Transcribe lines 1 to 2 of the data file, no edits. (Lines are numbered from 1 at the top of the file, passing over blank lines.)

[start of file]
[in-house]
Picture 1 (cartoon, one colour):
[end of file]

[in-house]
Picture 1 (cartoon, one colour):